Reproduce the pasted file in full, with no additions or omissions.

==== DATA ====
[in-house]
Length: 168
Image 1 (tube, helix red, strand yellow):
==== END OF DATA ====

[in-house]
Length: 168
Image 1 (tube, helix red, strand yellow):